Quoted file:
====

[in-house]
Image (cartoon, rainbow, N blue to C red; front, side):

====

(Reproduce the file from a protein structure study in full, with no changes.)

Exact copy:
[in-house]
Image (cartoon, rainbow, N blue to C red; front, side):